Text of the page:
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Guinea Pig Solo
by Les Gutman
Lest any of us have doubts this week about the effects of war, LAByrinth Theater brings us Guinea Pig Solo, Brett Leonard's utterly contemporary urban retelling of Woyzeck. How do we care for our soldiers, so loudly applauded for their time in harm's way, upon their return? What about their families? And for good measure, how do humans react to torture? As in Woyzeck, our "hero," José Solo (John Ortiz), is stretched to the breaking point, and then asked to confront jealousy without cracking. The results are equally tragic.
Solo cobbles together a living by cutting hair and selling hot dogs (the latter short-circuited when he is ticketed for leaving his cart unattended to go to the bathroom, gets into a fight with the police and is fired); he's saving the money to give to his estranged wife, Vivian (Judy Reyes), and son (Alexander Flores): to win them back. (A restraining order is in force presently.) Meanwhile, he can't sleep, and his therapist (Robert Glaudini) is "treating" him via experiments involving sleep deprivation and a lot of time on a treadmill. José has also started spending time with a sympathetic police officer (Richard Petrocelli) who befriended him after his fight with the police.
Two specific days will feature prominently in the rest of the story. At the Puerto Rican Day Parade, Vivian meets a policeman, Charlie (Jason Manuel Olazábal). That night, she goes to a club with him, to which, coincidentally, José's buddy (Stephen Adly Guirgis) has coaxed him to go as well. When he sees Vivian with Charlie, the green-eyed monster surfaces. Fast forward to the blackout, which somehow prompts José to pay Vivian a visit. The rest is history.
Brett Leonard has written a play that features exceptionally well-observed dialogue and a remarkable degree of clarity (which is all the more impressive considering that his source material is awfully murky and that he has the action move forward in an astonishing number of snapshot scenes -- fifty in all!) Notwithstanding, he is develops all of the significant characters quite effectively. If he occasionally lets them ramble on longer than need be, we can forgive him. Less understandable is the inclusion of a character that seems unnecessary: Linda (Kim Director), a docent at the Bronx Zoo who supplies some superfluous animal allegory.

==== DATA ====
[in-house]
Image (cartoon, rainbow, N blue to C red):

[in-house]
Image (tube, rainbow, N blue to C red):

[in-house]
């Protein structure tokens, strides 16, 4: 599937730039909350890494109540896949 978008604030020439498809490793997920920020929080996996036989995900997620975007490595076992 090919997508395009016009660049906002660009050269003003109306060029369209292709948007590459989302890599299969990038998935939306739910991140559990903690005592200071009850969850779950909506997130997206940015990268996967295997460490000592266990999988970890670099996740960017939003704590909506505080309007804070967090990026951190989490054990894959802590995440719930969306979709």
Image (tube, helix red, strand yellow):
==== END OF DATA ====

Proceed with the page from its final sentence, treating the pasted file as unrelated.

Ian Belton's direction is terrific, utilizing the play's amplitude to great effect. This is most obvious in the sensational performance of Mr. Ortiz, in which he displays not only emotional and physical prowess but tremendous credibility as well. The remainder of the cast is also excellent. I was particularly impressed by Petrocelli's cop (endearing, palpably real and a good candidate for a role model for training Raymond Kelly's soldiers). Curiously, the stage includes two of LAByrinth's playwrights, Stephen Adly Guirgis and Robert Glaudini, both of whom fare very well as actors. Young Alexander Flores also gives a notable performance as the son, who has stopped talking -- communicating much with a bouncing ball and grim face.
Andromache Chalfont's set is largely urban/industrial in design, including a raised tier that's put to good use, as are a group of screens on casters that are moved about as scenes shift. Paul Whitaker's lighting adds to the effect, as does Fitz Patton's bombastic sound design. Kaye Voyce's costumes are on target.
LAByrinth is to be commended for this production, which complements its frequent examinations of urban life with enormous currency.
Retold by Tina Packer of Shakespeare & Co.
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Mendes at the Donmar
At This Theater
Leonard Maltin's 2003 Movie and Video Guide
Ridiculous!The Theatrical Life & Times of Charles Ludlam
6, 500 Comparative Phrases including 800 Shakespearean Metaphors by CurtainUp's editor.
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